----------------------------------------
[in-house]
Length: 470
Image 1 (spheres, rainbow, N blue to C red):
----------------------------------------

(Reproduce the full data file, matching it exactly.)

[in-house]
Length: 470
Image 1 (spheres, rainbow, N blue to C red):